The writing is beautifully evocative in places and the supporting characters are distinctive, but where this story truly shines is in Eva’s slow recovery of her own personhood, and especially in her relationship with Addie, which is, refreshingly, not an antagonistic one, nor is either of them ever demonized. This is not a Jekyll-and-Hyde story of two personalities struggling for dominance . While Eva yearns to move and speak after three years of silence and immobility, she never wants to replace Addie or force their body to do anything that Addie doesn’t want to do. The two girls sometimes argue, or have conflicting interests, but through it all, their relationship remains functional and ultimately loving. They are sisters, with everything that this implies: the support and affection and loyalty and compromise and occasional bitter squabbles. They just have the added awkwardness of living in the same body, bearing separate but equally difficult existential burdens, and – unlike most siblings – never getting a chance to escape each other’s company. They are the only constants in each other’s lives, for better or for worse. This is a take on body-sharing that I haven’t seen very often in fiction. Their relationship is depicted with enough complexity and emotional honesty to make this a truly memorable read.

(An additional note: If you have had traumatic experiences with the psych industry, especially if you are neuroatypical and/or identify as multiple, then some of the events in this story may be triggering. The same may be true if you’ve had painful coming-out experiences with family members. I personally think that Eva’s self-assertion is worth the rough road that she takes to get there, but you should consider yourselves warned. Otherwise, read on.)
nevanna: (books!)
I just finished Storm Front, the first installment in the Dresden Files, and will be starting on the second. I actually started the series over a decade ago, and while I enjoyed it (I think), I didn't love it enough to continue. Or maybe I was put off by what appeared to figure heavily into the plot of the second book; with apologies to Remus, Oz, Tyler, and others, I was not overly fond of werewolf stories at the time.

I like werewolves fine now. And I like the world-building and the magic, so far. And I like Harry Dresden himself well enough, raging white-knight complex and all. I have a completely unsubstantiated theory that, just as Anita Blake helped to solidify the template for tough, sardonic urban fantasy heroines who go head to head with things that go bump in the night, Mr. Dresden - with his snark and his lone-wolf attitude and his Dark Past and his long coat - did something similar for the menfolk of the genre, even if a lot of the tropes were pre-existing on their own. People can feel free to correct me if I'm wrong, of course.

And my answer to "who would win in a fight between him and Isaac Vainio?"* (based entirely on the first books in their respective series) is, "Well, they seem like they'd mostly be on the same side, so they're probably fighting about something dumb. In which case Lena would knock both of their heads together."

*Was I the only one thinking this?
nevanna: ([SKU] we finally meet)
One of my favorite literary tropes is what TVTropes call the "Portal Book" (although "I Wish It Were Real" and "In Defense of Storytelling" are also applicable). That is, people travel into books, or characters from books show up in the reader's world, or people and things that were thought to be "just" stories turn out to have been part of our reality all along. And so on. Basically, I love stories that explore the power of stories, and use fantastical elements to do so. I especially love when they show how storytelling can be both necessary and deeply dangerous.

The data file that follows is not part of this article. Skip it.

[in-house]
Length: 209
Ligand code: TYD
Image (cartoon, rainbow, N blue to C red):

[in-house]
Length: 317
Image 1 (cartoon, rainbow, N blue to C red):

Below, I've discussed some of my favorite books (four prose works, one graphic novel series) that make use of this trope.

the top five, plus some extras )

What are your favorite stories in which the "magic of reading" becomes literally magical?
nevanna: ([Doctor Who] My pleasure Mr. Smith)
As quite a few people have already gathered, one of my favorite reads of 2012 was Jim C. Hines’ Libriomancer. I’d really enjoyed Hines’ The Stepsister Scheme and its sequels (fairy-tale retellings in which a trio of princesses kick ass and take names – go read them!) and was excited to read his first urban fantasy outing, especially once I found out about the premise. Libriomancy is the ability to reach into a book and create objects both mundane and magical from its pages, which I am willing to wager most readers – especially of speculative fiction – have wanted to do at some point or another. When the story begins, our protagonist, Isaac Vainio, has been working as a small-town librarian after his reckless and disastrous use of libriomancy got him kicked out of a secret organization that regulates magical activity around the world. However, an unexpected attack on his library throws him back into action, and soon he and his dryad companion Lena (accompanied by a fire-spider named Smudge) are racing to stop a supernatural war and unravel the secrets of the magic that has shaped their lives.

I read this one back in September, and meant to write up my complete thoughts, but was diverted by schoolwork, and then by the holidays and a post-semester writing slump. This did not stop me from brandishing my copy at my friends and exclaiming, “This book is awesome! The characters are great! The magic system is great! The relationships are great! It’s funny and exciting and full of geeky references! Our heroes beat up a bunch of sparkly vampires in the first chapter!”

All of these things are true. And, to give a slight disclaimer, there are many ways - some obvious, some less so - in which this book was a deeply subjective experience for me. Nevertheless, here are some specific thoughts that I've managed to formulate after re-reading. I’ve tried to keep them free of crucial spoilers, beyond “here’s what’s going on with this character.”

To quote the author himself: 'First, books are magical. And second, magic is awesome.' )

Book Squee

Sep. 11th, 2012 09:20 am
nevanna: ([X-Men] building something better)
Just finished reading Libriomancer, Jim C. Hines' newest book.


Possibly longer thoughts to follow.

I can has Isaac sequel, please?


nevanna: (Default)